Sunday, February 24th, 2013
3:00 p.m.
Tumbleweed Park in Chandler

Bring a potluck dish to share, and come hang out and meet local HG mothers!

Wednesday, January 23, 2013

Roe v. Wade: Observing the 40-Year Anniversary

Fifty-five million.

That's a lot, isn't it? It's more than the human mind can fathom. But it's the number of babies who have died in American abortion clinics since Roe v. Wade declared open season on our precious and innocent wee ones.

Observing the 40-year anniversary of Roe v. Wade is, for me, a day of mourning. Mourning for the babes whose lives have ended in fear and pain, in a manner that is truly unspeakable in nature and whose precious bodies have ended in the shameful grave of medical waste buckets.
"And the Lord said, “What have you done? The voice of your brother's blood is crying to me from the ground." (Gen.4)
Currently, we sacrifice an average of 22% of our babies to our convenience. Babies who would inconvenience us. Babies who are not "perfect." Babies who do not fit our lifestyle.
"Rescue those who are being taken away to death; hold back those who are stumbling to the slaughter. If you say, “Behold, we did not know this,” does not he who weighs the heart perceive it? Does not he who keeps watch over your soul know it, and will he not repay man according to his work?" (Prov. 24)
Abortion is truly the tragedy of our age, and I mourn greatly for all of the babies whose sweet lives have been cut short.
"For you formed my inward parts; you knitted me together in my mother's womb. I praise you, for I am fearfully and wonderfully made.... My frame was not hidden from you, when I was being made in secret, intricately woven in the depths of the earth. Your eyes saw my unformed substance; in your book were written, every one of them, the days that were formed for me, when as yet there was none of them." (Ps. 139)
All of us bear responsibility for this travesty of human rights and human dignity. And we within the Christian church bear a great responsibility as well. We have often acted with passivity, not devoting the time and resources necessary to combat this evil. And even worse, we often harbor attitudes and ethical philosophies which, though not actively supporting abortion, have led to society's abortion mindset.
"As the church, we can examine our own posture toward children. So often we condemn women for aborting their babies when we hold the exact same posture toward children that leads to abortion. Our excuse is that, “We would never do that!” But if we are looking at children as a burden rather than a blessing maybe we are part of the problem." ("Bloody Hands" by Heather at "A Mother's Calling")
For those of you ladies out there who consider abortion a fundamental human right, please consider whether or not you want the slaughter of our most innocent and defenseless to be something you set your heart on.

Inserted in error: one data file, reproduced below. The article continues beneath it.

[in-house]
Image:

"Keep your heart with all vigilance, for from it flow the springs of life." (Prov. 4)
Dear friends, our sweet babies deserve better than this.  

(*While I welcome calm discussion and honest questions, I immediately delete all combative or hurtful comments. Please keep the conversation polite and based in the desire for loving communication, not the desire to hurt others or start a fight.)

Monday, January 21, 2013

Welcome, BIG Baby Boy!

One of my all-time favorite bloggers, Amy over at Raising Arrows - if you don't read this blog, you need to! - has had her baby! Baby Creed was born just a couple of days ago, weighing in at 10#14. Wow! Hop on over to read her birth story and congratulate this strong mama! Her story is both hilarious and a wonderful example of a great hospital birth, and I loved hearing how baby Creed made his way into the world. He was born into a wonderful family, and I can't wait to watch him grow up as I read Amy's blog!

Friday, January 4, 2013

We're Famous at Last!

My midwife does an incredibly sweet year-end round-up blog entry in which she summarizes each and every one of her births for the year. This year, we are included! Visit her blog to see her list of 2012 babies. Here is her summary of our latest baby's birth!
"Giles – Such a sweet family you joined that beautiful morning! Being born in the bathtub has sort of become a tradition to your mother as you joined your two big brothers as a waterbaby. This soft-spoken gentle soul that is your mother was a pillar of strength and inspiration as she quietly labored and then, with two roars, birthed you and brought you up into her arms. She was so peaceful that your daddy almost didn’t make it in the room as he was busy feeding your brother breakfast! (when we called for him because you were coming out, we scared him because the urgency in our voice for him to hurry made me think something might be wrong! Poor guy…) But everything was very right and you are a perfect little boy!"
And I especially love her loving tribute to those babies whose stay on earth ended before birth, leaving their parents with empty arms:
"And to the 11 babies who couldn’t be here with us, who had to leave before they could be held…..I will never forget you either. I shared tears with your parents who yearned to see you and hold you. Thank you for the gifts you could share with me, and I’m just sorry it couldn’t be for longer."
We have such a sweet midwife, and we appreciate this blog entry! Printing this one for the baby book, for sure!